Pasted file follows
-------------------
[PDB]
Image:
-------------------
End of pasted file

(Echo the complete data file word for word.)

[PDB]
Image: